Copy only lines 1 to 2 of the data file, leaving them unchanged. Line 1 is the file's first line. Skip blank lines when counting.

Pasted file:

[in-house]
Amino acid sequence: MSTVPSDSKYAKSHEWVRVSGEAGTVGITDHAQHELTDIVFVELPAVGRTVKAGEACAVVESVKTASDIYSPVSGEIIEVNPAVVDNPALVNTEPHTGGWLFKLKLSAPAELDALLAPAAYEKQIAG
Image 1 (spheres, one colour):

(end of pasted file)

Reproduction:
[in-house]
Amino acid sequence: MSTVPSDSKYAKSHEWVRVSGEAGTVGITDHAQHELTDIVFVELPAVGRTVKAGEACAVVESVKTASDIYSPVSGEIIEVNPAVVDNPALVNTEPHTGGWLFKLKLSAPAELDALLAPAAYEKQIAG